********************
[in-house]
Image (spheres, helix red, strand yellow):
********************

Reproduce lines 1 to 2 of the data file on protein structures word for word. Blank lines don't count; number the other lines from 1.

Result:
[in-house]
Image (spheres, helix red, strand yellow):